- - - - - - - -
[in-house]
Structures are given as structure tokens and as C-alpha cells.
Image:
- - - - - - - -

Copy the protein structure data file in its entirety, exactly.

[in-house]
Structures are given as structure tokens and as C-alpha cells.
Image: